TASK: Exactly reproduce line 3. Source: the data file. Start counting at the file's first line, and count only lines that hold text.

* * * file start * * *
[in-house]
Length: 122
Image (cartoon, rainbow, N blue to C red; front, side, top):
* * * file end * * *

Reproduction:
Image (cartoon, rainbow, N blue to C red; front, side, top):